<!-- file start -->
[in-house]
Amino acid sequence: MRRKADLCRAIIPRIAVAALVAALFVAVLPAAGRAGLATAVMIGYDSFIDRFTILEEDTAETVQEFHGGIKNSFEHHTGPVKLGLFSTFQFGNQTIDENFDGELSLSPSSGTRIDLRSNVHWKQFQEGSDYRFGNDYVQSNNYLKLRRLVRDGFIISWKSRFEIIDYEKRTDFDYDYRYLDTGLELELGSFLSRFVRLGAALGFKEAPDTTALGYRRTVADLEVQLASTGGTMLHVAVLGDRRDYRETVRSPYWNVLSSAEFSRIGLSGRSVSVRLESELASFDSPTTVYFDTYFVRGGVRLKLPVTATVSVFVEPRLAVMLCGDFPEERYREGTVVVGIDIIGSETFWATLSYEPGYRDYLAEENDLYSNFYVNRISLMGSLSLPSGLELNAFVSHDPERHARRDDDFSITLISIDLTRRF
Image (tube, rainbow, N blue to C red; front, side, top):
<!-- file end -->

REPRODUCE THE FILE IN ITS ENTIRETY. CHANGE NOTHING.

[in-house]
Amino acid sequence: MRRKADLCRAIIPRIAVAALVAALFVAVLPAAGRAGLATAVMIGYDSFIDRFTILEEDTAETVQEFHGGIKNSFEHHTGPVKLGLFSTFQFGNQTIDENFDGELSLSPSSGTRIDLRSNVHWKQFQEGSDYRFGNDYVQSNNYLKLRRLVRDGFIISWKSRFEIIDYEKRTDFDYDYRYLDTGLELELGSFLSRFVRLGAALGFKEAPDTTALGYRRTVADLEVQLASTGGTMLHVAVLGDRRDYRETVRSPYWNVLSSAEFSRIGLSGRSVSVRLESELASFDSPTTVYFDTYFVRGGVRLKLPVTATVSVFVEPRLAVMLCGDFPEERYREGTVVVGIDIIGSETFWATLSYEPGYRDYLAEENDLYSNFYVNRISLMGSLSLPSGLELNAFVSHDPERHARRDDDFSITLISIDLTRRF
Image (tube, rainbow, N blue to C red; front, side, top):